Therefore, the selection of candidate genes which colocalize with QTL depends also on the process used to merge these different maps. Up to now, no statistical method had been proposed to combine candidate genes and QTL mapped in independent experiments, so we think that our WLS strategy should increase the precision of the integration of candidate gene mapping information.
Finally once candidate genes have been selected and their different haplotypes defined, association studies can be carried out. The identification of a statistically significant association between haplotype variation at a candidate gene and the target trait gives further credence on the role of this gene in the trait variation. Since the last 5 years more and more association studies have been reported in plants [50]. It would be interesting to integrate these new results into a global metaanalysis framework. Further developments are needed to combine onto a synthetic model the different scale of mapping: from linkage mapping (QTL) to fine mapping (association studies).
Availability and requirements

Project name: MetaQTL

Project home page: http://bioinformatics.org/mqtl

Operating system: Platform independent

Programming language: Java

Other requirements: Java 5.0

License: GNU GPL
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Acknowledgements
This work was supported by INRA grant and the authors would like to thank F. Chardon, from INRA, for his help on the gathering process of QTL results relative to flowering time in maize. We would like also to thank C. Lepoittevin for her help in testing and debugging MetaQTL. We also thank Graham Coop for his help to improve the style of the manuscript.
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Authors' contributions
B.G and A.C conceived the initial idea. JB.V. developed and designed the project: he coded the package MetaQTL, developed the simulation tests, applied MetaQTL on the flowering time maize data set. All authors contributed to the interpretation of the results. Then JB.V. and A.C. drafted the manuscript. All authors read and approved the final version of the manuscript.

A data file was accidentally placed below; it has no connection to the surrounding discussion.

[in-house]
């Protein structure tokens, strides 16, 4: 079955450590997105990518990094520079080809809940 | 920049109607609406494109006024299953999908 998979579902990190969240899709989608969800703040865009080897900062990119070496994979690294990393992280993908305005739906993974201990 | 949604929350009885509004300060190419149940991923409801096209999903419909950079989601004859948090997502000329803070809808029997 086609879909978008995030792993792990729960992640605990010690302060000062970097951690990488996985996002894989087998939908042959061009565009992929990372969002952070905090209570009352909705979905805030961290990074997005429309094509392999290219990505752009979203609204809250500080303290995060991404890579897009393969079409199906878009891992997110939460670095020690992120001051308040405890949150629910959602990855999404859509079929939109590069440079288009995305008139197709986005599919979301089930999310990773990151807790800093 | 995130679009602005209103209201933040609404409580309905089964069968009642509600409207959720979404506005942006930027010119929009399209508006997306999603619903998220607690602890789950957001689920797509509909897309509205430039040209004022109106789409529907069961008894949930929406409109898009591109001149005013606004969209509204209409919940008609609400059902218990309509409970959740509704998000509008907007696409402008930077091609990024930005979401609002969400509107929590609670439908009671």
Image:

Electronic supplementary material
12859_2006_1421_MOESM1_ESM.pdf
Additional file 1: Theory and method for the computation of the variance of the recombination rate estimate. This PDF file contains a short review of the theory and the methods to compute the variance of the recombination rate estimator for different kinds of pairwise marker configurations and different types of mapping experiments. (PDF 65 KB)
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Additional File 2: Model choice by information based criterion. This PDF file deals with a short review of the theory underlying some wellknown information based criteria to select the number of components in a mixture model. (PDF 72 KB)
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Additional File 3: Simulation study for the metaanalysis of genetic maps. This PDF file describes two simulation scenarios which have been used to evaluate our weighted least squares strategy to build a consensus marker map. (PDF 68 KB)
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Additional File 6: Summary of the QTL mapping experiments used in the application. This PDF file gives details on the mapping experiments used in our application. (PDF 64 KB)
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Additional File 7: MetaQTL Package : jar file and tutorial. This Zip archive contains both the MetaQTL JAR file and the files of the tutorial. (ZIP 5 MB)
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Veyrieras, JB., Goffinet, B. & Charcosset, A. MetaQTL: a package of new computational methods for the metaanalysis of QTL mapping experiments. BMC Bioinformatics 8, 49 (2007). https://doi.org/10.1186/14712105849
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DOI: https://doi.org/10.1186/14712105849